Infrascale calls itself the complete data-protection platform for enterprises and MSPs. The startup offers hybrid cloud business continuity and IT disaster recovery management systems that deliver backup, disaster-recovery, file-sharing and data-archiving services with military-grade security. The systems protect physical and virtual servers, workstations and even mobile devices.

Infrascale's sales grew 50 percent in 2014, and as of early this year the company had more than 1,000 solution provider partners with 250,000 customer companies.


Natick, Mass.

Top Executive: President and CEO Andres Rodriguez

Nasuni provides cloud network-attached storage (NAS) systems that combine on-premise hardware and software with cloud storage running on Microsoft Azure. The company said its products cost 40 percent less than typical NAS and data-protection systems.

Nasuni follows a 100 percent channel model with its Nasuni Partner Connect program. In May, the company won a Codie Award for best cloud infrastructure from the Software & Information Industry Association.



Top Executive: CEO Peter Godman

Qumulo came out of stealth in March with a system for data-aware, scale-out NAS. Qumulo, whose founding team includes some of the top folks behind Isilon, the scale-out NAS vendor acquired by EMC in 2010, has already received $67 million in financing. The company develops software that can be deployed on commodity servers to deliver information on millions of files stored in file format.

Qumulo's claim to fame is the data awareness its technology offers. Qumulo's file system has an integrated database that has the ability to answer any questions about what is stored without needing to scan the data for metadata that must be separately stored and managed.


Palo Alto, Calif.

Top Executive: CEO Bipul Sinha

Data protection software developer Rubrik in March announced a $41 million round of funding just three months after coming out of stealth. The startup also released its first appliance aimed at helping customers easily take advantage of a scalable hybrid cloud model for backing up and recovering data.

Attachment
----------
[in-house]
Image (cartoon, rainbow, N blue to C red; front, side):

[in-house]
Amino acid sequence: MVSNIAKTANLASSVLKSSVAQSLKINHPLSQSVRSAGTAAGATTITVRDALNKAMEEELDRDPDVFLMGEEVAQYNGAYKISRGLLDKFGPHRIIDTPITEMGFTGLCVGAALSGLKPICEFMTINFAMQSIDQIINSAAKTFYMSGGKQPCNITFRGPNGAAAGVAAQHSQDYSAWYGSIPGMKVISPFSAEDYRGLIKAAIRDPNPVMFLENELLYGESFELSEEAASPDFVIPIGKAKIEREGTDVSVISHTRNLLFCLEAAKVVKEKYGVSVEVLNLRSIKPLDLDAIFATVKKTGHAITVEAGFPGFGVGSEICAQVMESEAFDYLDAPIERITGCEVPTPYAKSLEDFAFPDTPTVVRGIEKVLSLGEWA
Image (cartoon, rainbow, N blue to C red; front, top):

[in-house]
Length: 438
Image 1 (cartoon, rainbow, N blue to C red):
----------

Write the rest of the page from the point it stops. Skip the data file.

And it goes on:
Rubrik's Rubrik r300 is a hardware appliance that ties the company's data protection software with an industry-standard server to offer a scale-out solution for keeping a company up and running in case of data loss.

Saratoga Speed

San Jose, Calif.

Top Executive: CEO Sharad Mehrotra

Saratoga Speed builds next-generation, all-flash storage arrays that the company said offer extreme capacity and extreme performance. The systems combine the extensibility of an Intel/Red Hat Enterprise Linux platform with purpose-built hardware to accelerate flash storage.

The company's array systems are targeted for high-performance block storage and file systems, and can be used to host high-performance databases and applications. Saratoga Speed's go-to-market strategy is primarily channel-oriented, and the startup is actively recruiting solution provider partners.


Boulder, Colo.

Top Executive: CEO Dave Wright

SolidFire manufactures scale-out, all-flash storage systems designed for next-generation data centers. The systems deliver high performance for applications in multitenant environments, such as those delivered by cloud service providers.

In June, SolidFire added new specialization tiers to its Cloud Builder Partner Program that recognize partner expertise in such areas as virtualization, OpenStack, Agile infrastructure and "master cloud builder." Partners include resellers, systems integrators and distributors.